Synagogues have maintained several types of records, including congregational histories, minutes of meetings, lists of members and donors, and vital records such as birth, death, marriage, bar/bat mitzvah, and confirmation records. Not all synagogues had all types of records and many, if not most, records have been lost or destroyed. However, the records that do exist may provide useful genealogical information, especially if your ancestor was a rabbi or officer of the congregation.
Finding the synagogue your ancestor attended may be difficult. In small towns or cities with only a few synagogues, the local historical or genealogical society may be able to provide a list. In large cities, people often attended nearby synagogues or those associated with the towns or regions from which they emigrated.
The best way to locate your ancestor’s synagogue is to ask older relatives or through documents mentioning the synagogue, such as wedding or bar-mitzvah invitations, receipts, and tickets.
If you know the name of a rabbi of the synagogue, there are several lists of rabbis and their congregations:
For the years 5661 (1900-1901), 5668 (1907-1908), and 5680 (1919-1920), the American Jewish Year Book, published by the American Jewish Committee in Philadelphia, also included a comprehensive Directory of National and Local Organizations in the United States. This directory contains a listing of national and local Jewish organizations by city, including synagogues. In New York City, some congregations are also listed by associated ancestral home town as well as by the name of the congregation. (The complete run of the American Jewish Year Book is also available online.)
City directories (pre-telephone book listings of individuals, businesses, and their addresses) can provide the location of synagogues. Check the index in the directory to see where they may be listed – e.g. “Public Institutions”, “Churches”, etc. Also look under possible synagogue names (“Congregation”, “Temple”, etc.). In some directories, rabbis may also be listed under “Clergymen.” For more information on how to locate city directories, please consult our city directories research guide.
Local Jewish genealogical and historical societies may have lists of old and existing synagogues, as well as Jewish cemeteries, in the area. If you know where relatives were buried, the cemetery plot may have belonged to a synagogue. There is a list of Jewish genealogical societies here.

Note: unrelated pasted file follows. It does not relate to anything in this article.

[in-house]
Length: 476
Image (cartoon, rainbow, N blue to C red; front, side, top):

JewishGen has a Memorial Plaques database with information from synagogue yahrzeit plaques and other memorial records. If your ancestor’s plaque is listed, he/she probably attended the synagogue.
The Center for Jewish History’s partner collections contain many publications on the Jewish communities of various U.S. cities and states. Search the Center for Jewish History’s online catalog by location for publications specific to your area of interest. For example, Allen Meyers’ Southern New Jersey Synagogues (Sewell, NJ: Sir Speedy Printers, 1990) (copies in the American Jewish Historical Society and YIVO collections) has extensive historical information on synagogues in that region.
The Board of Delegates of American Israelites Records contains surveys of member synagogues concerning the histories and sizes of their congregations, 1859-1878. The Board was the first organization to systematically record this type of information in the United States.
The Ackman & Ziff Family Genealogy Institute has created the online New York Historical Synagogues Map, based on several synagogue surveys taken from 1900-1939. You may search the map by synagogue name, address, or associated town. Please note that this map is still in progress and will eventually cover all five boroughs.
If you know where relatives were buried, the cemetery plot may have belonged to a synagogue. There is a directory of Jewish cemeteries in the NYC metropolitan area.
The Jewish Communal Register of New York City 1917-1918 (NY: Kehillah of New York City, 1918) lists congregations with their addresses, membership, seats, and affiliated entities (cemeteries, societies, etc.) – almost all Orthodox. It also names the president and gives a brief biography.
The following books contain information on and photographs of many former synagogues. Because of the high synagogue concentration in many parts of the city, location alone may not be decisive, but the search may be narrowed if the ancestral community is also known.
BronxSynagogues.org: This browsable and searchable database includes the address of every registered, tax-exempt synagogue that ever existed in the Bronx with its date of organization and its present usage. In addition, there are 100 photographs of the buildings as they stand today.